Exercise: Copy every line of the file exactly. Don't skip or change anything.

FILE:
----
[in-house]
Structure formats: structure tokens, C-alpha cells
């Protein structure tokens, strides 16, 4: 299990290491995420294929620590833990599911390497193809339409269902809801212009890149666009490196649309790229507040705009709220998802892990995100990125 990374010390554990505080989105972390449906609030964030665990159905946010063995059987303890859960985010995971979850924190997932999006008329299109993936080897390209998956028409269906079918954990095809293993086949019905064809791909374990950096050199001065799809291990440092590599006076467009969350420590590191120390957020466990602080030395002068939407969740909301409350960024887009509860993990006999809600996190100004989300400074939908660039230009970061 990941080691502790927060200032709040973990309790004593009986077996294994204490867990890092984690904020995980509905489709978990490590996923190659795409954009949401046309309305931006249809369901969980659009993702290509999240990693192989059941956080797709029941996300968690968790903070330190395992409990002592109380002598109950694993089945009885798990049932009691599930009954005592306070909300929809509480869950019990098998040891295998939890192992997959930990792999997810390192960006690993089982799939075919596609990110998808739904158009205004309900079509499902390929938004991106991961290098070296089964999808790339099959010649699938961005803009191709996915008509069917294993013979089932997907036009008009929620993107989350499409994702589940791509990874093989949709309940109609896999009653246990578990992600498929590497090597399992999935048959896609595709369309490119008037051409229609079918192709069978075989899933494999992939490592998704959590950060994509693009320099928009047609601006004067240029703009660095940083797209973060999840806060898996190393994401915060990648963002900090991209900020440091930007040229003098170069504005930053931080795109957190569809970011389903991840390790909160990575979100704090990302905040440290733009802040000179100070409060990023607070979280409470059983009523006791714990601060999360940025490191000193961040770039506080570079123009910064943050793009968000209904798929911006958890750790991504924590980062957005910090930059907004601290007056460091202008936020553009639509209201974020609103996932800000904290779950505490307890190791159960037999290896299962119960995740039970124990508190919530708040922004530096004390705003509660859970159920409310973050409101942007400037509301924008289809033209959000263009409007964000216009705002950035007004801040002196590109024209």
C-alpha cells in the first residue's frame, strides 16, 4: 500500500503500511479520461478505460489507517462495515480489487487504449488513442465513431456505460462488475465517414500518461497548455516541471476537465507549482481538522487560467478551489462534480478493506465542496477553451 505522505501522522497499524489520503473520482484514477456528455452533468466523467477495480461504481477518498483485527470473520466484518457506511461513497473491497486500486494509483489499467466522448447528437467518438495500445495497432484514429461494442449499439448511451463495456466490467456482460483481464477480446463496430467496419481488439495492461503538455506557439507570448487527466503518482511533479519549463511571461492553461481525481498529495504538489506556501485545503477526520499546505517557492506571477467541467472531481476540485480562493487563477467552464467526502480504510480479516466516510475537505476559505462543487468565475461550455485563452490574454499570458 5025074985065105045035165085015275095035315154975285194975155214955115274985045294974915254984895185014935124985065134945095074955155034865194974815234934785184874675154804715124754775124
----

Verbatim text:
[in-house]
Structure formats: structure tokens, C-alpha cells
């Protein structure tokens, strides 16, 4: 299990290491995420294929620590833990599911390497193809339409269902809801212009890149666009490196649309790229507040705009709220998802892990995100990125 990374010390554990505080989105972390449906609030964030665990159905946010063995059987303890859960985010995971979850924190997932999006008329299109993936080897390209998956028409269906079918954990095809293993086949019905064809791909374990950096050199001065799809291990440092590599006076467009969350420590590191120390957020466990602080030395002068939407969740909301409350960024887009509860993990006999809600996190100004989300400074939908660039230009970061 990941080691502790927060200032709040973990309790004593009986077996294994204490867990890092984690904020995980509905489709978990490590996923190659795409954009949401046309309305931006249809369901969980659009993702290509999240990693192989059941956080797709029941996300968690968790903070330190395992409990002592109380002598109950694993089945009885798990049932009691599930009954005592306070909300929809509480869950019990098998040891295998939890192992997959930990792999997810390192960006690993089982799939075919596609990110998808739904158009205004309900079509499902390929938004991106991961290098070296089964999808790339099959010649699938961005803009191709996915008509069917294993013979089932997907036009008009929620993107989350499409994702589940791509990874093989949709309940109609896999009653246990578990992600498929590497090597399992999935048959896609595709369309490119008037051409229609079918192709069978075989899933494999992939490592998704959590950060994509693009320099928009047609601006004067240029703009660095940083797209973060999840806060898996190393994401915060990648963002900090991209900020440091930007040229003098170069504005930053931080795109957190569809970011389903991840390790909160990575979100704090990302905040440290733009802040000179100070409060990023607070979280409470059983009523006791714990601060999360940025490191000193961040770039506080570079123009910064943050793009968000209904798929911006958890750790991504924590980062957005910090930059907004601290007056460091202008936020553009639509209201974020609103996932800000904290779950505490307890190791159960037999290896299962119960995740039970124990508190919530708040922004530096004390705003509660859970159920409310973050409101942007400037509301924008289809033209959000263009409007964000216009705002950035007004801040002196590109024209």
C-alpha cells in the first residue's frame, strides 16, 4: 500500500503500511479520461478505460489507517462495515480489487487504449488513442465513431456505460462488475465517414500518461497548455516541471476537465507549482481538522487560467478551489462534480478493506465542496477553451 505522505501522522497499524489520503473520482484514477456528455452533468466523467477495480461504481477518498483485527470473520466484518457506511461513497473491497486500486494509483489499467466522448447528437467518438495500445495497432484514429461494442449499439448511451463495456466490467456482460483481464477480446463496430467496419481488439495492461503538455506557439507570448487527466503518482511533479519549463511571461492553461481525481498529495504538489506556501485545503477526520499546505517557492506571477467541467472531481476540485480562493487563477467552464467526502480504510480479516466516510475537505476559505462543487468565475461550455485563452490574454499570458 5025074985065105045035165085015275095035315154975285194975155214955115274985045294974915254984895185014935124985065134945095074955155034865194974815234934785184874675154804715124754775124